Given a large number $q$ (say, a prime) and a number $a$ between 2 and $q1$ what is the fastest algorithm known for computing the inverse of $a$ in the group of residue classes modulo $q$?

The fast Euclidean algorithm runs in time $O(M(n)\log n)$, where $n=\log q,$ and $M(n)$ is the time to multiply two $n$bit integers. This yields a bitcomplexity of $$ O(n\log^2 n\log\log n) $$ for the time to compute the inverse of an integer modulo $q$, using the standard SchonhageStrassen algorithm for multiplying integers (a slightly better asymptotic result can be obtained using Furer's multiplication algorithm). To understand the basic idea behind the fast Euclidean algorithm, recall that the standard Euclidean algorithm computes the (extended) gcd of two integers $r_0 > r_1$ by successively computing $m_i=\lfloor r_{i1}/r_i\rfloor$ and setting $$ r_{i+1} = r_{i1}  m_ir_i, $$ until it obtains $r_{k+1} = 0$, at which point $r_k = \gcd (r_0, r_1)$. This can be expressed in matrix form as $$ R_1 = \begin{bmatrix} r_0\newline r_1 \end{bmatrix};\qquad R_{i+1} = \begin{bmatrix} r_i\newline r_{i+1}\end{bmatrix} = M_iR_i;\qquad M_i=\begin{bmatrix} 0&1\newline 1&m_i \end{bmatrix}, $$ and if we compute the matrix $S_k=M_kM_{k1}\ldots M_1$, we have $R_{k+1}=S_kR_1$ which expresses the entry $r_k=\gcd(r_0,r_1)$ as a linear combination of $r_0$ and $r_1$. Assuming this gcd is 1, we can then read off the inverse of $r_1$ modulo $r_0$ (and vice versa) from the top row of $S_k$. As described above, this involves $O(k)$ arithmetic operations on integers of size $O(n)$, and one can show that $k=O(n)$, leading to a running time that is roughly quadratic in $n$. The fast Euclidean algorithm achieves a quasilinear running time by only computing $O(\log n)$ of the matrices $S_i$. Roughly speaking (and ignoring many important details), this is done by directly computing $S_{k/2}$ using what is known as a "halfgcd" algorithm, computing $R_{k/2+1}=S_{k/2}R_1$, and then proceeding recursively. The halfgcd algorithm, in turn, works by recursively calling itself. The depth of the recursion is $O(\log n)$ and this yields an $O(M(n)\log n)$ complexity bound. This algorithm also works over polynomial rings and is often described in this setting. Further details can be found in the (incomplete) list of references below: Chapter 11 of von zur Gathen and Gerhard, "Modern Computer Algebra," Cambridge University Press, 2003. Chapter 2 of Yap, "Fundamental Problems of Algorithmic Algebra," Oxford University Press, 2000. N. Moller, "On Schonhage's algorithm and subquadratic integer GCD computation," Mathematics of Comutation 77(261), pp. 589607 (2008). Stehle and Zimmerman, "A binary recursive GCD algorithm," ANTSVI, LCNS 3076, pp. 411425, 2004.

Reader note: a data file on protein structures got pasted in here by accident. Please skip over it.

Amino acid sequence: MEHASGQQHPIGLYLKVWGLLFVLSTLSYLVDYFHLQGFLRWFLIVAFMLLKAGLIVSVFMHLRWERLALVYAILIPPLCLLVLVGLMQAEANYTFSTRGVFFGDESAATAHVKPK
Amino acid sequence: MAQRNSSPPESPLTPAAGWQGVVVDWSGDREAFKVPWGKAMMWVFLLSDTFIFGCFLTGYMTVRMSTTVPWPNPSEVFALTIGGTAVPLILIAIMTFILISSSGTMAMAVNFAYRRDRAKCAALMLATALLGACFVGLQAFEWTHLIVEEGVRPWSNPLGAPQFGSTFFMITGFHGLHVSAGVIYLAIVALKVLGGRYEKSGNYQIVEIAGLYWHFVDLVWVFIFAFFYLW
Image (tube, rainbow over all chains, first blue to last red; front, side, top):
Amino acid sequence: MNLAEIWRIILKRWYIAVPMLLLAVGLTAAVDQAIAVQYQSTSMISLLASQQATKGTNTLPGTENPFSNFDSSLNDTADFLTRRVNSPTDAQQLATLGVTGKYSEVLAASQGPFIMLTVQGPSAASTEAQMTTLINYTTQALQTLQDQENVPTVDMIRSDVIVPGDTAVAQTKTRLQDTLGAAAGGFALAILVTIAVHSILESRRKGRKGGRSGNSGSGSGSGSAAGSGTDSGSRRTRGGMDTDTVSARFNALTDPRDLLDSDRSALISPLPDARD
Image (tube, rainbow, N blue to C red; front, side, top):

Another good reference is http://www.loria.fr/~zimmerma/mca/pub226.html Other than the Euclidean algorithm as described in other answers, you can get time $O(M(n))$ if the modulus is of the form $p^k$, by working successively mod $p$, $p^2$, etc. See the link for details, section 2.5. If you need to invert several numbers, say $x$ and $y$, it is often faster to invert $xy$ and then calculate $x^{1} = (xy)^{1}y$, $y^{1} = (xy)^{1}x$. 


Instead of going all the way to the GCD with the Euclidean algorithm and working backwards to find a multiplicative inverse, you can go straight to the multiplicative inverse with the Euclidean algorithm. If p is a prime and a is not divisible by p, perform the Euclidean algorithm on p^2 and ap+1. The first remainder less than p that appears is a multiplicative inverse for a mod p. I don't know how fast this algorithm is compared to other methods. The number of steps to reach this inverse will be the same as the number of steps to reach GCD(a,p)=1 using the Euclidean algorithm with a and p. But the algorithm proposed above requires a comparison of the remainder at each step with p. 


For arbitrary $q$ (not necessarily prime) the Euclidean algorithm is pretty fast in solving the problem "decide whether the residue class of $a$ is a unit and compute the inverse, if it exists".